The Life of Cray Cray

Let this stand as proof that we were alive in the months of May and June. Barely.

The calendar ticked over from April, and suddenly, The Dirty Life that I long for turned into the Life of a Crazy Person. The truth is, there’s plenty out here in Bangs to keep me busy BEFORE the fulltime job writing my stories for the paper, but ah, well. My postnatal return to working mama has a history of being slightly insane, doesn’t it? I should have expected this.

Here are a few snapshots of my world right now:

First, let’s start at the dining room table.

In this photo, you can make out a drill, some exterior deck screws and wire cutters from futile attempts to secure my goat milk supply from three hungry triplets (with a pen that separates goat mother from her offspring at night, if you must know). There’s Molly’s uneaten vegetables from the night before, (see related photo, below) a towel that did not succeed cleaning up a can of spilled peaches, some goat minerals (expected) and Borax that arrived from In my delusional Benedryl-infused state, (poison ivy covers my body, thanks) I thought it would be cute to make my own laundry detergent. It also looks like someone forgot to do dishes last night.

This is my sweet daughter, Molly, eating her dinner from something called a “Frypod.”

This is my couch, covered in laundry, toys and a guitar. It is the cleanest place in my house.

This is a cat inside a tub that’s full of dogfood. I don’t own a cat. But whatever. It’s hardly the first time this has happened.

This is Eleanor wearing her sister’s potty as a hat. Hey–she’s lucky I finally took her out of her carseat–several hours after we arrived at home, but who is counting? Luckily, the babies can’t!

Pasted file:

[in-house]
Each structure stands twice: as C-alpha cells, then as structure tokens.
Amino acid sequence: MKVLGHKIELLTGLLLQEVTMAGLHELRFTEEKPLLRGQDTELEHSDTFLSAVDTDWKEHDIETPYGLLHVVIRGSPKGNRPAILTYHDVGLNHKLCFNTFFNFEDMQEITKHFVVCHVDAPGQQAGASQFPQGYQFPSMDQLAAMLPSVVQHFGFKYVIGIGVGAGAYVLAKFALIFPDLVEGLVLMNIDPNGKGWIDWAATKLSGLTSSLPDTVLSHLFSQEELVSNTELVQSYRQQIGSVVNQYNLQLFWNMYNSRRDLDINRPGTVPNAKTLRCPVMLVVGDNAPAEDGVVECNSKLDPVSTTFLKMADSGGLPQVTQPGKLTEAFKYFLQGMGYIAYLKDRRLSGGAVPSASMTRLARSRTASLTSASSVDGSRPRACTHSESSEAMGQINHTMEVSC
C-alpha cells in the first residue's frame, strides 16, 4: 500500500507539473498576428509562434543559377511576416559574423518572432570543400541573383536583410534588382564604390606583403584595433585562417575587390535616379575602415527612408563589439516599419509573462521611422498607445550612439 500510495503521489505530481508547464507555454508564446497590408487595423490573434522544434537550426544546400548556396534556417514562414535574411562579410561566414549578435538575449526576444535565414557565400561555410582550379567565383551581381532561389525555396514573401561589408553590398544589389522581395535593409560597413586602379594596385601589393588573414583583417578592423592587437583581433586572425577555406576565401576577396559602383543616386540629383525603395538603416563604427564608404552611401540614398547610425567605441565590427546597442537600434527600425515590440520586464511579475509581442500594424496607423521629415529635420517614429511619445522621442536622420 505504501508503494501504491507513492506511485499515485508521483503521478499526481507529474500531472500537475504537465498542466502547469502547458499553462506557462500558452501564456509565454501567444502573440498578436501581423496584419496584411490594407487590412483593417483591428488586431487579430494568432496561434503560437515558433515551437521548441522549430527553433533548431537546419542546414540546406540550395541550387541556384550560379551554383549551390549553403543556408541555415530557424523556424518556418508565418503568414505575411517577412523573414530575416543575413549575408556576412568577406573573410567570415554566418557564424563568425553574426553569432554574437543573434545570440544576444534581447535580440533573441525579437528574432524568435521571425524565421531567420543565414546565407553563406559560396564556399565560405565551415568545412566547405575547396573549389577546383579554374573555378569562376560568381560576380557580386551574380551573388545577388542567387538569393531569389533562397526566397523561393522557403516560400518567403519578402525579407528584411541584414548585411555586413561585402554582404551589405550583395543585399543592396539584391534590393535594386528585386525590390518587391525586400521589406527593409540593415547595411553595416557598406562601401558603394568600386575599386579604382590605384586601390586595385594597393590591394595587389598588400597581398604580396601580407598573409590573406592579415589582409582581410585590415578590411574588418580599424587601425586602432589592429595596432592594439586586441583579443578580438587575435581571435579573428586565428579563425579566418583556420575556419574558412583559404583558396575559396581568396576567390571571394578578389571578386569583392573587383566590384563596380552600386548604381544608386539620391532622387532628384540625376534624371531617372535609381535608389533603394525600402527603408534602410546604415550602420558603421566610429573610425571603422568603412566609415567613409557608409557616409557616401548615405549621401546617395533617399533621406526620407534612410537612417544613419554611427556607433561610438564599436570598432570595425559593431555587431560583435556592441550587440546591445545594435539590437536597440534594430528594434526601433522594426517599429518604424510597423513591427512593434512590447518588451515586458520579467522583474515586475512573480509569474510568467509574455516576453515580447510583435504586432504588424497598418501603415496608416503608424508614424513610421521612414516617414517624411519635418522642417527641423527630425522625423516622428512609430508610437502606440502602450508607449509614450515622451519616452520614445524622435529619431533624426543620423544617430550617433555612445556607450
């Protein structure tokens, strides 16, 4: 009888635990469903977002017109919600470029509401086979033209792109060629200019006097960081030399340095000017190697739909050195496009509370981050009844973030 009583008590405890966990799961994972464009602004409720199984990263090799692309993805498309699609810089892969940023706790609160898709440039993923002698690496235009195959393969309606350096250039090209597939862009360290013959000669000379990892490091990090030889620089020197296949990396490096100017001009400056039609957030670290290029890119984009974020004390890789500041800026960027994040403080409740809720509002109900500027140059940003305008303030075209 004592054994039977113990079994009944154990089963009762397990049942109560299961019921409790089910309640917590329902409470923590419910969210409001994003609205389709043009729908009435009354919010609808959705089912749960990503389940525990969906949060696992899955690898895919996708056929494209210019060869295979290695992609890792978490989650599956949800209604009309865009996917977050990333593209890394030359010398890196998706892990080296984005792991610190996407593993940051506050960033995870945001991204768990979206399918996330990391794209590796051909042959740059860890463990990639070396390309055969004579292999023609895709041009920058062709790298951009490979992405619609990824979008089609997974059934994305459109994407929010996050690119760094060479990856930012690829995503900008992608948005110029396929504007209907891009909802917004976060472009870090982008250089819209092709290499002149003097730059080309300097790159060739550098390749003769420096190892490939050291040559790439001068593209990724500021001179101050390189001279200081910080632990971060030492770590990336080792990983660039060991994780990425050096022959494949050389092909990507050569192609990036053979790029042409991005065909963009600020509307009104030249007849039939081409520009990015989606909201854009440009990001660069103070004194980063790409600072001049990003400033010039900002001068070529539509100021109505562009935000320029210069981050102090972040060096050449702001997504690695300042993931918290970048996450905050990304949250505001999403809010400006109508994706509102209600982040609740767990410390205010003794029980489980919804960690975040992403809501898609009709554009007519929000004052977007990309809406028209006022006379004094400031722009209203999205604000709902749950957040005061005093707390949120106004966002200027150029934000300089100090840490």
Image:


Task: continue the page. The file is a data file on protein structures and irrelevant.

It looks like someone’sbeen doing some pretty wild baking here in the kitchen…



My dad told me that when he reflects on his 50 or so years on the planet thus far, the years in his late 20s when he was raising two young children were the best. He calls it the Good Life and says that during that period, he felt he had a clear purpose: To go to work, to earn a living and to keep things alive. He said he remembers he felt exhausted and stressed out most of the time, but that if he ever picked a time to relive, he’d go back to those days because it was then that he felt most alive. And nights. Because he went to night school while mom kept his babies alive.

This sounds like something a crazy old man would say!

Admitedly, right now, it’s tough to imagine looking back on these days fondly. We’re doing what we need to do to keep mortgage paid, and to keep those seven, eight, nine or ten doctors who all want $50 a month happy. But I’m covered in poison ivy, I think I have pink eye, I’m exhausted, and I’m losing ground. I am enjoying those few precious moments as hard as I can — the mornings spent milking Rose (seriously!), the times Eleanor giggles when I’m washing her neck. There are joyful bookends to the days. But the middle is a little hectic and we don’t really have a Plan B right now. Although, at times, bankruptcy sounds WAY more fun.

For those thinking, ”oh, shut up.” take heart:  I DO realize that things could be much worse. When confronted with my version of mini-catastrophes, the Lord presents to me a path with two clear options: I have a choice to lose my shit or to keep it together and keep trudging forward. I am blessed in a thousand ways every single day, and it’s these blessings that keep me from choosing the former.  Although I have hollared more swear words into the night than country air was ever intended to hold.

I’m just afraid that I’m going to look up from this laptop and my girls will be in their late 30s and I’ll just get around to taking Ellie’s picture. I’m blogging, I know. But only once a month. This is a severe reduction in!

I have to go because Molly is eating fence staples. I’m not joking.

I’m pretty sure I heard Seth’s car door slam about five minutes ago, but with all this screaming, I’d stay in the car, too. It’s safer there.

I love you.

Bare with me.

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